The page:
“A new normal,” smiled Danny Welbeck as Brighton’s product manager made a few final adjustments to the Video Zoom screen. Interview football players from afar via a small screen: In the course of doing this work, one of the softest and most subtle reminders of the passing of time, of the changes took place out in the blink of an eye – will come to you.
And here is an equally subtle reminder: Last week, Welbeck turned 30. At the peak and most beautiful stage of his career, he has been rated as one of the faces. The future of English football: A pair of dizzying feet and a young man with enormous potential, a Premier League champion at the age of 22.
In those years, this young man has achieved remarkable breakthroughs at Manchester United, made a great hit to the ball against Sweden at Euro 2012, had a spectacular header. goals scored against Real Madrid at the Santiago Bernabéu. In 2014, Arsène Wenger was famous for getting his signature on the final day of the transfer market while in Rome to meet the Pope Danny Welbeck turned 30 in the blink of an eye.
As he rebuilt his career on a short-term contract on the South Coast, there was a lot of positive going on and the foundation for looking forward to a good future. An encouraging start. A stunning strike against Aston Villa. Brighton is an exciting youth team, but they still need the presence of a seasoned veteran, proven capable, and played at big games – and Danny Welbeck. own all of that. He insisted that his speed was still very effective, even when he was one of the “old men” of the dressing room. “There are a lot of players younger than me,” he grinned. “But will they be faster than me… I’m not too sure about that. Maybe Tariq [Lamptey]. ”
And as we ponder more deeply, we will see many reasons why Welbeck does not want to remember, indulge in the past. One of the biggest reasons, it is the injuries that have tortured him since 2015. The first was injury to his right knee (10 months off game). Then there was a left knee injury (out of play for 8 months). Followed by a broken ankle (9 months off competition). Then came a hamstring injury at Watford last fall (out of play for 4 months). His career as a player seemed to have fallen into a dead end. As a result, Welbeck had only played 15 full 90 minutes in the Premier League during the 6 years.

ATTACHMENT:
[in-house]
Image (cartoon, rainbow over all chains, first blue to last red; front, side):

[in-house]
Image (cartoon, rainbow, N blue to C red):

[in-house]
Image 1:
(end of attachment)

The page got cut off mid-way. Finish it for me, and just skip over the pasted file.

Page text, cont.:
Even on long days away from the pitch, when he could not even leave the house, let alone try the ball, Welbeck still tried to improve himself. He reviews and analyzes his old matches. He devoured books, which he personally found useful and interesting: The Relentless by Tim Grover, a former NBA coach who worked with Michael Jordan, is a piece Welbeck especially loves. . Above all, he tried to keep his faith, maintain a healthy perspective in a world of suffering.
And yet, although Welbeck is certainly closer to the end of his career than a start, there is still a bad after taste of the setbacks and failures that Welbeck’s career went through – the unlucky goals, unbeatable goals, untouched trophies – but he will try to ignore them. The foothold you have worked so hard to build in this industry can collapse very quickly by the onslaught of winds, and although only a few years have passed since Welbeck was recognized as one Of the number one picks at Arsenal and part of England under Gareth Southgate, he will now have to prove himself again: To make sure he was not a dead guy.